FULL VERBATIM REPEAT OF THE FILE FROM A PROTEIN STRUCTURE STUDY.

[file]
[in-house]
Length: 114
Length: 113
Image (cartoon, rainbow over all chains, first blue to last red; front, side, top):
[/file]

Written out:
[in-house]
Length: 114
Length: 113
Image (cartoon, rainbow over all chains, first blue to last red; front, side, top):